Still, a very rough approximation is possible. About 53 million returns were filed using do-it-yourself online or downloadable software last year, according to IRS data. Free File is meant to cover 70 percent of taxpayers, or about 37 million among the DIY returns. But only about 2.5 million people actually utilized Free File, leaving some 34.5 million eligible taxpayers that potentially incurred fees. Using what the IRS calls a “conservative $30-fee estimate” for each return, that would translate to around a billion dollars in avoidable preparation and filing costs. (That estimate doesn’t include fees to file state returns. It also doesn’t capture taxpayers who paid an offline preparer, though about 3.5 million of those people used other no-cost government programs, such as Volunteer Income Tax Assistance and Tax Counseling for the Elderly).
An Intuit spokesperson contended in an email that it’s “irresponsible” to estimate the avoidable costs. He said that some customers could be choosing to use a paid product instead of Free File. He added that many customers also get no-cost returns via products such as TurboTax’s now-discontinued AbsoluteZero product, Credit Karma (which says it handled more than a million returns this year) or similar offerings from other companies. Any accurate calculation, the spokesperson argued, depends on knowing exactly what products consumers choose to use and how much they end up paying. When ProPublica asked for such information on TurboTax customers, he cited “competitive reasons” for not sharing data. “I implore you to do the due diligence to be factual rather than estimate for effect … or people with the data may pop up after the fact,” he wrote. “You could be left holding the bag.”
For its part, the IRS believes it’s doing everything it can to make Free File successful. “We feel like we do promote Free File fairly heavily,” said Ken Corbin, the IRS’ commissioner for wage and investment, which oversees the program. Terry Lemons, the IRS’ chief of communication and liaison, adds that the agency has its own budget woes to contend with. “There’s a lot of demands, and we’ve got fewer resources.”
The IRS says it once had $1.5 million a year to promote Free File, but that funding was eliminated in 2015. The agency also claims that budgetary constraints kept it from implementing a 2007 inspector general recommendation that the IRS better evaluate Free File, including more closely surveying taxpayers who aren’t using it.
Some critics argue for drastic change. “The program has to be radically reconceived” if not eliminated altogether, said Dennis Ventry, a tax-law professor at the University of California Davis and chair of the IRS Advisor Council. He says the council is currently looking into Free File and will present its recommendations in November. Ventry expressed concern about companies up-selling products and obfuscating Free File user agreements, among other issues.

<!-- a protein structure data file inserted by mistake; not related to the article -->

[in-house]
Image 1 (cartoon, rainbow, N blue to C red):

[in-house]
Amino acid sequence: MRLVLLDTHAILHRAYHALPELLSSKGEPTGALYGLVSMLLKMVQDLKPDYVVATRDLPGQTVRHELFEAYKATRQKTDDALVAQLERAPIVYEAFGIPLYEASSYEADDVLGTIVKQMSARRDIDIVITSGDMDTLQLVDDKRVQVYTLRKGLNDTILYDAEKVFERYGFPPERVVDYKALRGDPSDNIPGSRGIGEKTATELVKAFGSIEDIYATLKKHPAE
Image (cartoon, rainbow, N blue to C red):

The Free File rules are laid out in a memorandum of understanding between the IRS and the Free File Alliance. The memorandum, which is renegotiated every few years (the current version runs through 2020), is “incredibly favorable to the industry,” according to Ventry. “The IRS let it be that way.”
Clauses prevent the IRS from collecting certain data and limit the agency’s ability to disclose any “deficiencies” they might find in the Free File system. The agreement also gives the tax-prep companies an opportunity to “intervene” in relevant Freedom of Information Act requests posed to the IRS.
Dozens of other countries, from the United Kingdom to Japan, have ways for at least some taxpayers to electronically file directly with the government. But according to Olson, the National Taxpayer Advocate, the U.S. has never really explored what such a system might look like. She argued that current programs such as Free File should be re-examined. “What I believe Congress needs to do is to have a conversation about why taxpayers aren’t using it,” Olson said. “What do taxpayers want?”
Congress has overwhelmingly supported Free File. “It’s a great program that helps save the government money and do free tax filings for people who can’t afford it,” said a spokesperson for Rep. Peter Roskam, R-Ill. Roskam introduced bills to make Free File permanent in both 2013 and 2017. Records show that H&R Block and Intuit lobbied in favor of the latter effort.) When asked about potential issues with, or improvements to, the Free File program, Roskam’s spokesperson replied, “we don’t have anything to contribute to your article.”
Free File bills never made it very far on their own in the past. This spring, though, the idea was rolled into a broader IRS reform package known as the “Taxpayer First Act,” which includes a variety of provisions aimed at improving customer service, beefing up cybersecurity and assuring proper notice before asset seizures. That bill passed the House in April 414-0.
Now it’s the Senate’s turn to debate its approach to IRS reform and, consequently, the merits of Free File. Although the provision has generally seen support, it does have at least one outspoken detractor. “Doing your taxes shouldn’t be this hard — or this expensive,” said Sen. Elizabeth Warren, D-Mass., who has introduced legislation calling for a “return free” filing option.
Intuit is sticking by Free File, as is H&R Block. The latter provided a statement, asserting that taxpayer feedback on Free File “is overwhelmingly positive,” and adding, “we are proud to have helped millions of Americans file their returns under this program.” Intuit said it began providing no-cost tax preparation service to low-income taxpayers in 1998 and that it has spent millions of dollars to support and promote no-cost services such as Free File and Volunteer Income Tax Assistance. Most recently, the company says it put $1.5 million into a new campaign to promote no-cost filing known as Tax Time Allies. Still, Intuit acknowledged “there’s room to do more.”